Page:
As a junior in high school in Berkeley, I was asked to share a job at our local flower shop with a friend, after school and on weekends. She did not last long so I took over all the shifts myself. I found in the back workroom of that flower shop respite from the outside world, where Jack and John and I worked together listening to '80s pop, preparing roses, filling FTD orders from across the wire, manning the cash register on slow days and busy days, like valentine's day and mothers' day when the lines would snake around the block. They taught me how to do adult things, like sweep a floor properly, clean up the counter after oneself, count change, have a presentational customer face, which has served me very well, where you let the customer know he or she is right, and you smile, and active listen, and you have empathy -- I am sorry that your friend died; I hope your mom feels better; congratulations on your engagement! -- and listen to their flower-based questions -- are they looking for a sympathy bouquet? What is the best type of lilies to make up with? Are these gardenias from Hawaii? -- and have confidence in your answer, even when not quite sure (skills used often in healthcare in later years). Working at a flower shop is more like being a bartender than a retail clerk, because customers come back for the conversations not only the purchase.
John was funny and wry and dry and usually sarcastic but always kind; if he were cast in a 1980s sitcom he'd be the stereotypical gay uncle of the kid protagonist and always get the funny lines. Jack was more reserved, the owner, well respected it seemed through my teenage perception at least. They welcomed me in and never judged; they helped me forget the confusing things going on at home and general upset. When I'd leave the store people would comment that I'd be perfumed in flower and so I was; my clothes and skin would remain fragrant after every shift. When I was very low and ended up in a facility for troubled teens for a week they sent me the Cadillac of all bouquets and I was able to read between the lines of each of the flowers and I laughed; when I came back, they never mentioned anything they just hugged me and told me to get to work.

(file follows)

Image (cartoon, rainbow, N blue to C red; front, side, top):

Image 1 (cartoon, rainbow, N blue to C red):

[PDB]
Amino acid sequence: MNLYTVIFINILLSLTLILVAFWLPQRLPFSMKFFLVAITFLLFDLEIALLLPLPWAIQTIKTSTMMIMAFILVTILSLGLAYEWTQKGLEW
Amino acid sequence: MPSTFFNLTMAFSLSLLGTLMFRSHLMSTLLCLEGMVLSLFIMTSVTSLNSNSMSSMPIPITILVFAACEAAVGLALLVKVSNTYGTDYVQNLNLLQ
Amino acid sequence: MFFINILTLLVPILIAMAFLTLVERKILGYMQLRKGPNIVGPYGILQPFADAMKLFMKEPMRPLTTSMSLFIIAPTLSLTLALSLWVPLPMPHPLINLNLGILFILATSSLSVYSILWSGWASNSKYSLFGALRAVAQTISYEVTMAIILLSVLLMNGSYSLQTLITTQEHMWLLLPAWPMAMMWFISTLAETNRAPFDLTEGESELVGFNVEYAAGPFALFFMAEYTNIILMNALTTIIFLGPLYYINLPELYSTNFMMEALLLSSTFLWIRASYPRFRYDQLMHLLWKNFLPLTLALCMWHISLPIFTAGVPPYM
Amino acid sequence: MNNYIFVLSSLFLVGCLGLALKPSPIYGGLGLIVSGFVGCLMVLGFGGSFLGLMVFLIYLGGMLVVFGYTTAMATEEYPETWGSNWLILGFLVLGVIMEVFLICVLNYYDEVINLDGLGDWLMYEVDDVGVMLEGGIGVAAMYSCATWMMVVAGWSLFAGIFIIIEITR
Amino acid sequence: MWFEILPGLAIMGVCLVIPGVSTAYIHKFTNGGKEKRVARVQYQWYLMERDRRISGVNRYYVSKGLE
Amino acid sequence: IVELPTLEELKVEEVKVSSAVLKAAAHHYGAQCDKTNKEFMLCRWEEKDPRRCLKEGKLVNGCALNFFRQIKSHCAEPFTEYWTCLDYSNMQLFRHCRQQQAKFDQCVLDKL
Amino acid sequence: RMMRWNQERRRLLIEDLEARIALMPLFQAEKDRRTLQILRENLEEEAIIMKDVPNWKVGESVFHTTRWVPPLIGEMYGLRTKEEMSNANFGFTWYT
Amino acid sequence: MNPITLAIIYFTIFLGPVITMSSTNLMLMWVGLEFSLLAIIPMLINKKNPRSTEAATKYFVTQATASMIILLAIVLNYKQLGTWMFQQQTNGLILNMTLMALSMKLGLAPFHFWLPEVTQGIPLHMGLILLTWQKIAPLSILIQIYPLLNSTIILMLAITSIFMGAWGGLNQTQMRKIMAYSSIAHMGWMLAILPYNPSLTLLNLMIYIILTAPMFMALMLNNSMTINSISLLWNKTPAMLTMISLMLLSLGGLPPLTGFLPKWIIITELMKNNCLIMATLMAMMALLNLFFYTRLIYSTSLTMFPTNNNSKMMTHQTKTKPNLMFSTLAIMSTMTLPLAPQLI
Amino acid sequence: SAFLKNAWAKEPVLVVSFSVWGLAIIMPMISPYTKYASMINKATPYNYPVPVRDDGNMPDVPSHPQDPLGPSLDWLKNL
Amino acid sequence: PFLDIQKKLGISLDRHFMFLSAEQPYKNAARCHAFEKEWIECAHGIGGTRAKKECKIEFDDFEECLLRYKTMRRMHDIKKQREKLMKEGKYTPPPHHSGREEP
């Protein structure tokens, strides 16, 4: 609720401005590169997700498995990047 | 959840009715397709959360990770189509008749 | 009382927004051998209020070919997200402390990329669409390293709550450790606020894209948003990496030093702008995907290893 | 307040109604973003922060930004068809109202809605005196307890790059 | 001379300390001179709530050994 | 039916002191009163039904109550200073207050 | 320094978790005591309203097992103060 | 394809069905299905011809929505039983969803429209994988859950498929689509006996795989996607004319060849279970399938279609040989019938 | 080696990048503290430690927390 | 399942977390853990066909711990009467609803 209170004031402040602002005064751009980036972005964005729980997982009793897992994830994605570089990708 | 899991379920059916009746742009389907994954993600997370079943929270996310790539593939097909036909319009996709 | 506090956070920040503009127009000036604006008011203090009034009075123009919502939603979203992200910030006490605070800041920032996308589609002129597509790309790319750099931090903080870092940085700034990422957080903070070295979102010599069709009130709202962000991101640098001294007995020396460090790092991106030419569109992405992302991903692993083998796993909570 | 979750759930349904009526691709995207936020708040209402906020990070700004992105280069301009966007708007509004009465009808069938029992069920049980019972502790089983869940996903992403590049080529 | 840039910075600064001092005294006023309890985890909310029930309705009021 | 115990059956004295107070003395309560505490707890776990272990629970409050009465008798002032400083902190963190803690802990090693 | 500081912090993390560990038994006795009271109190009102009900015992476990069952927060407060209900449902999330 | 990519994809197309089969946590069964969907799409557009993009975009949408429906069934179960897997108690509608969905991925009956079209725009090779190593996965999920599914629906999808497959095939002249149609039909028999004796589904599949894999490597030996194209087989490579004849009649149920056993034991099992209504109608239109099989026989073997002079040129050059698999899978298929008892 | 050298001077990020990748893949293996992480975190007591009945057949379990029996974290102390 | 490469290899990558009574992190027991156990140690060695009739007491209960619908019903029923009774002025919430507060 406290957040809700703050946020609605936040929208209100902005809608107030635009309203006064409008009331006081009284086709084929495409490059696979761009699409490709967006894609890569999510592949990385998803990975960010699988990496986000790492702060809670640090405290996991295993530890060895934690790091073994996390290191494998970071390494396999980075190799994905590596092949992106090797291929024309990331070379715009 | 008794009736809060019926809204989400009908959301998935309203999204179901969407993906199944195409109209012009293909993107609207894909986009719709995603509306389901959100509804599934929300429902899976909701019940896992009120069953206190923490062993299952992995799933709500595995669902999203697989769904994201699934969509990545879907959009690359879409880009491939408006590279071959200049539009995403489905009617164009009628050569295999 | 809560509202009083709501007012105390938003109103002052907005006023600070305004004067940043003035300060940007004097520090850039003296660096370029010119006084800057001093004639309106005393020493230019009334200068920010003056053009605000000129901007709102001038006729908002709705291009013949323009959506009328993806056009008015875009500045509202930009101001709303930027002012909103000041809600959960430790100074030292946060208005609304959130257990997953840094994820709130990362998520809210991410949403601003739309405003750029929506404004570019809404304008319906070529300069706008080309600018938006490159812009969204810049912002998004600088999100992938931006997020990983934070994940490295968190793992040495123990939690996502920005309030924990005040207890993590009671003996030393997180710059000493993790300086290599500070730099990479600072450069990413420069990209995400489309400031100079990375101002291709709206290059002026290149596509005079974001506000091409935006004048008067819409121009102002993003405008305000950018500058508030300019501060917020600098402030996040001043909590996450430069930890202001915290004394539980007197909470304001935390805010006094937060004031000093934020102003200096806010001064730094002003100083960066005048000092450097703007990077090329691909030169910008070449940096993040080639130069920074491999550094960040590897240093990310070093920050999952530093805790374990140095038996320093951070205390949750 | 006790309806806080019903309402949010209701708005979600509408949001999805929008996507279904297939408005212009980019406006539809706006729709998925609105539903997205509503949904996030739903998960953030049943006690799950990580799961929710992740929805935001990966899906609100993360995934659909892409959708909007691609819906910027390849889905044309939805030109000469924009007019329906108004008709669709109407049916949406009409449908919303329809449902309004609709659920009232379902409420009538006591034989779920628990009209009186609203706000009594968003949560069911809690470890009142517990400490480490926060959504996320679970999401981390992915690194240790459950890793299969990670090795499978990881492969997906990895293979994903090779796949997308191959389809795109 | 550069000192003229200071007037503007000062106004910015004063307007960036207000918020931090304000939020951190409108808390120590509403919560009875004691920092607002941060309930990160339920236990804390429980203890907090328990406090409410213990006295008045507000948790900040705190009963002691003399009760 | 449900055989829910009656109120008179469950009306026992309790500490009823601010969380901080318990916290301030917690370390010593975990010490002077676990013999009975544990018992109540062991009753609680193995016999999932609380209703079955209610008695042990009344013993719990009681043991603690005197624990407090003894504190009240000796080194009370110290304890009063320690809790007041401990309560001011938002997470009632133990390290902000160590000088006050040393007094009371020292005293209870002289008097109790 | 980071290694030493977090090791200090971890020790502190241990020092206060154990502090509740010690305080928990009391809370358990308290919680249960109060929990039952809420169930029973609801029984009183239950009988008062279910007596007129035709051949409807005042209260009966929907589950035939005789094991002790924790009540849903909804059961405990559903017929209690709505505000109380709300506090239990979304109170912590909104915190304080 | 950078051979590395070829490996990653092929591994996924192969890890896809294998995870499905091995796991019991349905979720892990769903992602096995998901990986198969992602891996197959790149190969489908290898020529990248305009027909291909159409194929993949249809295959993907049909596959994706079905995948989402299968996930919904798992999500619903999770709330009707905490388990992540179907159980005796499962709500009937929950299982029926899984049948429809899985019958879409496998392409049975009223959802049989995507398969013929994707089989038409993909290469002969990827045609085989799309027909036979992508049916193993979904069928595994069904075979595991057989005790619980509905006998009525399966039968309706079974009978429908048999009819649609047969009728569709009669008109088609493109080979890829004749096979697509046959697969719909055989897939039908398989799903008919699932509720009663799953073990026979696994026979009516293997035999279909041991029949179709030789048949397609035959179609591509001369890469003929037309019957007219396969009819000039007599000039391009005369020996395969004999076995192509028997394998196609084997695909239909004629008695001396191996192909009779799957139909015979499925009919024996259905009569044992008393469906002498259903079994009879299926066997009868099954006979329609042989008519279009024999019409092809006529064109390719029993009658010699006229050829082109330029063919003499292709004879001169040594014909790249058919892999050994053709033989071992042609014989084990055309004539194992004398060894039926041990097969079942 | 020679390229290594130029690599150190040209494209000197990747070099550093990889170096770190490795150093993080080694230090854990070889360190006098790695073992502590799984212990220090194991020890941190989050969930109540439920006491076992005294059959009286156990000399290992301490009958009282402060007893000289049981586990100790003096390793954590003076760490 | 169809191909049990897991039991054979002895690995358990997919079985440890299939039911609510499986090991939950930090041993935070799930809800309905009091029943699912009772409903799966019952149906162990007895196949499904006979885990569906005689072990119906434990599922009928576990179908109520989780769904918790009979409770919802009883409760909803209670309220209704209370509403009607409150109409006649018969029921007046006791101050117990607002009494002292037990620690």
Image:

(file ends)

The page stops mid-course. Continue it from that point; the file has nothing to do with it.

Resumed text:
I came back from college one summer and heard through the grapevine that Jack had died of AIDS. I did not know he was sick, although I was old enough to have been aware of the early days, the first cases, GRID, the first deaths, Reagan. I never was able to confirm this to be the case, though I did go back to the store and no one was still there; I'd wish I'd kept in touch but went away to grow up, so didn't. This was back in the day before the Internet, when it would have been considered morbid to go to the library and look on the microfiche for someone's obituary.
In any event, because of Jack I ended up devoting my career to HIV research, 25+ years of working to end the epidemic. He never knew this of course. I think of him often.
Manya Magnus is an associate professor of epidemiology at the Milken Institute School of Public Health at the George Washington University in Washington, DC, where she studies novel approaches to HIV prevention and removal of structural barriers. Her books include Essentials of Infectious Disease Epidemiology (Jones & Bartlett Learning, 2007), Essential Readings in Infectious Disease Epidemiology (Jones & Bartlett Learning, 2008), Intermediate Epidemiology: Methods that Matter (Jones & Bartlett Learning, 2014), and (publishing as Manya DeLeon Miller) The Complete Fertility Organizer (Wiley, 1999).